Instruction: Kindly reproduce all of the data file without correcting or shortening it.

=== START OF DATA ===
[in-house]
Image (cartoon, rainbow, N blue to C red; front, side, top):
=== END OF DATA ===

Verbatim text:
[in-house]
Image (cartoon, rainbow, N blue to C red; front, side, top):